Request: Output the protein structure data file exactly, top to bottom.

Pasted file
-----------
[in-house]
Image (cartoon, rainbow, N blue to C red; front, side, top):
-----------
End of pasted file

[in-house]
Image (cartoon, rainbow, N blue to C red; front, side, top):